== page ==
The euro has fallen against the dollar as US non-farm payroll data came dollar-positive. With the eurozone GDP data due next week unlikely to show an improved picture from the third quarter, the common currency has more risks on the downside.
The EUR/USD closed on Friday 1.45% down at 1.1319 and the 11-year low of 1.1097 touched on 26 January is now less than a 2% slide away.
Inflation as well as fourth quarter GDP data are the main releases from Germany next week and from the eurozone it is only the growth data.
Expectations are for Germany to fall to deflation in January as the year-on-year German CPI rate is forecast to fall to -0.3% from 0.2% in December.
Fourth quarter GDP data for Germany and the eurozone have less support from the base. That is, in the last two quarters, the GDP growth rate prints were aided by lower figures in the same period in the previous year but this time a higher Q4-2013 number will adversely affect the Q4-2014 rate.
The market consensus is for the year-on-year German expansion rate to fall to 1% from 1.2% and that of the eurozone to stay unchanged at 0.8%.
The US jobs report for January showed that non-farm payroll addition in the month was 257,000, down from 329,000 in December but higher than the market consensus of 234,000.
The fact that the December number saw a sharp revision from the previous 252,000 added to the positive impact, ignoring the unemployment rate that came at 5.7% when analysts were expecting a repeat of the December rate of 5.6%.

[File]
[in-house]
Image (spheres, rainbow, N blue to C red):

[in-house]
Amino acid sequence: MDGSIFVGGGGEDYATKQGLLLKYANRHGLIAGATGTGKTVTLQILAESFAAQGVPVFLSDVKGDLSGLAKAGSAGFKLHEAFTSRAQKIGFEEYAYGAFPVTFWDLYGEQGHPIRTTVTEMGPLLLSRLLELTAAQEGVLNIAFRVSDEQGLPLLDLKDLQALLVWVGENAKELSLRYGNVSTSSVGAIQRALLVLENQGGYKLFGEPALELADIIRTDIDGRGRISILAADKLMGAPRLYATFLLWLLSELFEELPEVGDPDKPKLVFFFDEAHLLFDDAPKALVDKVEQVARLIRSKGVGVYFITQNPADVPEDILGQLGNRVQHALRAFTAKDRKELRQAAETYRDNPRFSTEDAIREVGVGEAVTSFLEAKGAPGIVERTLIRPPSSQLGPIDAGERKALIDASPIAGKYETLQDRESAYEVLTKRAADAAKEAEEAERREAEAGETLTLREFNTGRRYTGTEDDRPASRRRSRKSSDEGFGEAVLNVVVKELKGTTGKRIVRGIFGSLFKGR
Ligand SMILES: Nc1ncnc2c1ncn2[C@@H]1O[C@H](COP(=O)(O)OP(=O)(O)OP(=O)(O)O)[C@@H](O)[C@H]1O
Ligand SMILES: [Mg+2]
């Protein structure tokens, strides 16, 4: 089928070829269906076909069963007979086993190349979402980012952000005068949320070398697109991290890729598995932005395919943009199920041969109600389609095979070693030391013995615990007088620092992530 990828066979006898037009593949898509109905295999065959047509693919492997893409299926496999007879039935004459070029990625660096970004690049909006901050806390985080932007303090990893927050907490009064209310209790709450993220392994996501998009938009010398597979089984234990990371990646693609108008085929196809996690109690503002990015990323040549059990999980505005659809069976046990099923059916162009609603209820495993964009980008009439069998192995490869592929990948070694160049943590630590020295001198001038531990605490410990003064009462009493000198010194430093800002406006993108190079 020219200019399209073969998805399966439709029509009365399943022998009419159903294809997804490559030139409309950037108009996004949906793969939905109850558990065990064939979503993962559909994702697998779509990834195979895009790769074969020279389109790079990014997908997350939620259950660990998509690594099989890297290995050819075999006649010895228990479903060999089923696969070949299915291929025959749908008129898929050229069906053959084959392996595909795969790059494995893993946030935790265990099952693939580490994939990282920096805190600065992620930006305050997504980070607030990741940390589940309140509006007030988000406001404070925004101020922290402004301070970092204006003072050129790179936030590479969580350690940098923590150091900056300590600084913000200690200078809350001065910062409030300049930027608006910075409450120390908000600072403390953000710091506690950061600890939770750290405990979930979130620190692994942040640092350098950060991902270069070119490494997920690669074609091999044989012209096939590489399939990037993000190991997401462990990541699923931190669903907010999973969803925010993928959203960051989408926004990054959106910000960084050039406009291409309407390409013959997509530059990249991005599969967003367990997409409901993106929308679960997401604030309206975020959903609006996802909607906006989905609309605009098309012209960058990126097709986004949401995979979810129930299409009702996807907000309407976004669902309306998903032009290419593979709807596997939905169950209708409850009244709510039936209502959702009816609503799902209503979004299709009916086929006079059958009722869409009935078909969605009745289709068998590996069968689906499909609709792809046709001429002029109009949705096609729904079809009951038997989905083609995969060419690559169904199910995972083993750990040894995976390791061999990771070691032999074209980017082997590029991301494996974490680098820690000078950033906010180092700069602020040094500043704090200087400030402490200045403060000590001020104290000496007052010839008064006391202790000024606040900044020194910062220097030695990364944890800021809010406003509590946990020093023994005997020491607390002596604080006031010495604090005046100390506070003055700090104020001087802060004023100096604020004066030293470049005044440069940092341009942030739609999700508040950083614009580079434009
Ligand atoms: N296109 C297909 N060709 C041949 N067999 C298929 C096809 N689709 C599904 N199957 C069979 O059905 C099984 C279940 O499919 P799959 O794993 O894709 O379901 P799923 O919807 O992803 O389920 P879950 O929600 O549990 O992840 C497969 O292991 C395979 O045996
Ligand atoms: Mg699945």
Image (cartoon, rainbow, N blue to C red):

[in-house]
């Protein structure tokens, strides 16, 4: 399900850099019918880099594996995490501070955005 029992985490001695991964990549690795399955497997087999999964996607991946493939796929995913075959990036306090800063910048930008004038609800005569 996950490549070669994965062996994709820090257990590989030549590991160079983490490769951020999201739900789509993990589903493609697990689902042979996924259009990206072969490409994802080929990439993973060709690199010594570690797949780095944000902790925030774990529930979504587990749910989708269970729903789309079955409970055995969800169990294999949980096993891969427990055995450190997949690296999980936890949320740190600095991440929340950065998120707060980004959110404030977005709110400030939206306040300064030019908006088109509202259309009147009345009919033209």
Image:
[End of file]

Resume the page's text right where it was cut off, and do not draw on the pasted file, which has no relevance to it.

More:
Also, the average hourly earnings increased 0.5%, reversing the 0.2% fall in December and beating expectations of a 0.3% growth.
The USD index rose to 94.36 from 93.60 following the data as the greenback strengthened across the board.
Data next week from the US include January retail sales and the Reuters/Michigan consumer sentiment index for February. Consensus for retail sales is the rate of decline to ease to 0.5% from 0.9% in December. The Reuters index is forecast at 98.1, the same as January's.
In addition, there are two Fed speakers next week: the Richmond Fed President Jeffrey Lacker and Dallas Fed President Richard Fischer. Lacker will speak on Tuesday and Fischer on Wednesday as well as Friday.